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Gong - Time Is The Key CD (album) cover




Canterbury Scene

2.96 | 120 ratings

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Sean Trane
Special Collaborator
Prog Folk
2 stars Second album under Moerlen's name, Time Is The Key is a controversial album because it shows that the 80's are very much behind the corner. Indeed compared tp Downwind, PM's G certainly changed their sound and also their line-up; bro Benoit is gone (as is Gausse), but returning to the fold (from Expresso II) are Lozaga (guitars) and Lemer (keyboards) and the sound and songwriting on TITK don't have a 70's feel, but a much more synthesised 80's production. And those who read me regularly know that this is no good news. A bit like the 80's version of Mahavishnu, Gong uses too much of the day's latest technology, which causes TITK to sound much more dated than their previous albums. We're not on the brink of Abacab or 90125, but nevertheless the production is also the culprit, but it doesn't apply for all of the tracks evenly.

Actually the album starts pretty damn well with Ard Na Greine, a great tense track that leads naturally into the following Earthrise, which continues more gently the sublime and subtle climate. And Earthrise linking into the next Supermarket (a bit too slick, but agreeable) and so on to Faerie Steps (a bit cheesy but it has something). So the quartet of tracks make a small So after this linked series of tracks things gradually degenerate with American In England, where synths take over and we suddenly fall into a new decade. Worse yet, we go into Organ Grinder without any organs (unless the Yamaha CS80 is one, but it sure doesn't sound like one) and completely and utterly awful synth funky beats; I spoke purposely of Abacab, as there is some kind of sound parallel, even if Gong is still progressive here. The rest of the album glides on smoothly if you like this stuff and will increasingly grate your patience to irritating levels, despite the musician's undeniable qualities. In The Bender, you'd never guess there are two guitars as they are completely muffled into dumb effect like the Synclavier and other such atrocious devices. But if you can get past those awful 80's musical twists, you will find still some interesting stuff (songwriting and structures) that should content some JR/F fans. Of the second part of the album, only Esnuria is rising above the waterline, but it's directly followed by the atrocious title track (the lowest of lows in the album), which closes the album much worse than it had started.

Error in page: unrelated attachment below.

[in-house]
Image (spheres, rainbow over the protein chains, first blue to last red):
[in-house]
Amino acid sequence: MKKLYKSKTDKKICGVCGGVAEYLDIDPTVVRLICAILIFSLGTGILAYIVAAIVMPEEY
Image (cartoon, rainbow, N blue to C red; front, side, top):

I am always tempted to take away a full rating point for these 80's, and I will certainly again do so here, at the risk of burying the first third of the album that deserves a better fate. Collateral damages I guess, but this album is best avoided unless. well I warned you, anyway.

Sean Trane | 2/5 |


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